Keyboard repair

Here's a couple things you can do to beat that old electric piano back into shape:

1. Clean the contacts on the keys. Under the key, at least on a velocity sensitive keyboard like this Ensoniq SDP-1, there is a spring that makes contact with a busbar. The bar and the spring will corrode and get dirty. Use contact cleaner and an old toothbrush to scrub them gently until they shine.

2. Check electrolytic caps ESR and replace as necessary.

3. Check the “action” springs (the ones that return the key to its original position) for weakness and replace as necessary.

4. Check the amplifier jacks and make sure the retainer mechanism is in place, usually a thin nut that threads around the outside of the jack. If this is missing, the jacks will eventually break off the PC board. (The replacement part number for surface-mounted 1/4″ mono jacks is Kobiconn 16PJ500.) It also would not hurt to reflow the solder between the jacks at the board as a preventative measure.

I make my own patch cords out of bulk 20 gauge coax instrument cord and bulk spring-relief ends.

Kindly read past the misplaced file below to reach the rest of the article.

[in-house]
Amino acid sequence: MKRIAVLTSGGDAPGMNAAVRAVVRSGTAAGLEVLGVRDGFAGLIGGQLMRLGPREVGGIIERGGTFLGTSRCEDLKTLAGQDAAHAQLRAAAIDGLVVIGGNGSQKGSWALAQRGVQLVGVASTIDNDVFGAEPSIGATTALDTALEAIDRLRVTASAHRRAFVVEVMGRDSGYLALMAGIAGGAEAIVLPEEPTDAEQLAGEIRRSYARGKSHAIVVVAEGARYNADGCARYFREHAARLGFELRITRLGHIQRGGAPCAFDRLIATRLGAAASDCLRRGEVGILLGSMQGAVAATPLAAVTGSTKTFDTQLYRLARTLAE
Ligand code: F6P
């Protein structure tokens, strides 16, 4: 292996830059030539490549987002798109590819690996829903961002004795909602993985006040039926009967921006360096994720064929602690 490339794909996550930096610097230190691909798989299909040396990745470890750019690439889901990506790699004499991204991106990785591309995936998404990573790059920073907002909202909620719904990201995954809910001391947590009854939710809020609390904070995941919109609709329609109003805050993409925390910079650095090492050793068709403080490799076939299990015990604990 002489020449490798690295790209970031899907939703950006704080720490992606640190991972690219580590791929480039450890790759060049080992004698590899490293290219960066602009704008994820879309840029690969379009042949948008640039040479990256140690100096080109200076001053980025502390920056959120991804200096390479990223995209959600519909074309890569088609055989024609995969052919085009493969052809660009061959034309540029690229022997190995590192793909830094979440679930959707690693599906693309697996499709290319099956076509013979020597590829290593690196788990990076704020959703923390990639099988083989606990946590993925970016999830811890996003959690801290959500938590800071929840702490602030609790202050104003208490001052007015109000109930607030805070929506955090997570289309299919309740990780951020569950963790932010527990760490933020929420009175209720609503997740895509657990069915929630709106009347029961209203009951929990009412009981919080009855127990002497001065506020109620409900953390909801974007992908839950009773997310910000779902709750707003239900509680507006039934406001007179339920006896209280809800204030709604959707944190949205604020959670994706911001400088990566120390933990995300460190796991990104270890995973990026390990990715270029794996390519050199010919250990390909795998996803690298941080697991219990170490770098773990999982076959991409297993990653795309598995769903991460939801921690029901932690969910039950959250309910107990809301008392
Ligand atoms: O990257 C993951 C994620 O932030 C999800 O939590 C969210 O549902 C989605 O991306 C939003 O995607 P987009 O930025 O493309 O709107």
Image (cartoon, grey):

To do this, take a length of cable, cut the outer jacket away about 1″ down, twist up the outer strands, and then use a wire stripper to remove about 1/2″ of the inner jacket. Take an end and insert the cable into it, getting some of the strands for the outer/ground part through the ground hole and some of the strands for the inner/signal part through the signal hole, and bend the strands around so they stay (and aren't touching the wrong part of the jack). Use a pair of pliers and “crimp” the retaining clip around the cable. Now apply a bit of solder to both holes, securing the strands into the hole. Slide the plastic insulator sleeve over the junction area, then screw on the outer shell and the spring strain relief.

Do the other end in the same way and give the cord a test by wiggling both ends while playing, there should be no drop-outs or fuzz in the signal. Congratulations, you just saved $20 or more…

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